2. In greenhouses: a) reduce the humidity of the air by venting and increasing heat; b) improve air circulation; c) increase light intensity; d) space the plants farther apart; e) for potted plants use a well-drained potting medium for potted plants and avoid standing water in saucers under the pots.
3. Avoid overfertilizing, especially when the plants are growing slowly, such as during the winter months. Maintain fertility based on a soil test. Avoid low levels of potassium and calcium.
4. Avoid cultivars that are highly susceptible to edema under your growing conditions.
The black spots on the fruit start out as a clear exudate. The same for the brown spots on the leaves.
Impacts of the recent drought conditions on Central Coast avocado production, and potential impacts of continued drought conditions
Avocados are the most salt and drought sensitive of our fruit tree crops. They are shallow rooted and are not able to exploit large volumes of soil and therefore are not capable of fully using stored rainfall. On the other hand, the avocado is highly dependent on rainfall for leaching accumulated salts resulting from irrigation water. In years with low rainfall, even well irrigated orchards will show salt damage. During flowering there can be extensive leaf drop due to the competition between flowers and leaves when there is salt/drought stress. In order to reduce leaf damage and retain leaves, an excess amount of water is required to leach salts out of the roots zone. The more salts in the water and the less rainfall, the greater leaching fraction. Drought stress often leads to diseases, such as black streak, bacterial canker, and blight (stem, leaf, and fruit). Defoliation leads to sunburned trees and fruit which can be severe economic losses.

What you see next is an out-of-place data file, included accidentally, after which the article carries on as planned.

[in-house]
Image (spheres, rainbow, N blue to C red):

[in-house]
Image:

Strategies to address drought conditions
Ensure that the irrigation system is at its greatest potential and is maintained. Avocados are grown on hillsides and pressure regulation is extremely important and is frequently neglected.
Significantly prune trees to reduce leaf area. Avocado can be a very large tree, and if half the canopy is removed, there can be as much as 1/3 reduction in water use. When trees are about 15 feet tall, removing half the canopy can reduce water use by one half.
In extreme drought conditions, the canopy can be reduced to just the skeleton branches which are white washed to prevent sunburn. Water use drops to zero, and then gradually as the tree leafs out, water can be slowly reapplied, but at significantly less amounts than with the full canopy. Stumping typically results in three years' worth of crop.
In orchards that have low producing areas, because of recurrent frost, high winds, shallow soils, disease, etc. the grower could decide to completely remove those trees, thereby saving water.
White kaolin applied to leaves has been shown to reduce leaf temperatures and water loss. This can be used, but under the direction of the packing house, since if it is applied to fruit, it is very difficult to remove.